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Inertial Bone Conduction: Symmetric and Anti-Symmetric Components

By Namkeun Kim, Kenji Homma and Sunil Puria


Of the two pathways through which we hear, air conduction (AC) and bone conduction (BC), the fundamental mechanisms of the BC pathway remain poorly understood, despite their clinical significance. A finite element model of a human middle ear and cochlea was developed to gain insight into the mechanisms of BC hearing. The characteristics of various cochlear response quantities, including the basilar membrane (BM) vibration, oval-window (OW) and round-window (RW) volume velocities, and cochlear fluid pressures were examined for BC as well as AC excitations. These responses were tuned and validated against available experimental data from the literature. BC excitations were simulated in the form of rigid body vibrations of the surrounding bony structures in the x, y, and z orthogonal directions. The results show that the BM vibration characteristics are essentially invariant regardless of whether the excitation is via BC, independent of excitation direction, or via AC. This at first appeared surprising because the cochlear fluid pressures differ considerably depending on the excitation mode. Analysis reveals that the BM vibration responds only to the lower-magnitude anti-symmetric slow-wave cochlear fluid pressure component and not to the symmetric fast-wave pressure component, which dominates the magnitude of the total pressure field. This anti-symmetric fluid pressure is produced by the anti-symmetric component of the window volume velocities. As a result, the BM is effectively driven by the anti-symmetric component of the OW and RW volume velocities, irrespective of the type of excitation. Middle ear modifications that alter the anti-symmetric component of the OW and RW volume velocities corroborate this assertion. The current results provide further clarification of the mechanisms underlying Békésy’s “paradoxical motion” concept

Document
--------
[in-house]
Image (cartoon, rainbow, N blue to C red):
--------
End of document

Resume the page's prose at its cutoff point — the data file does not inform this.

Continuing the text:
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Publisher: Springer-Verlag
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Provided by: PubMed Central
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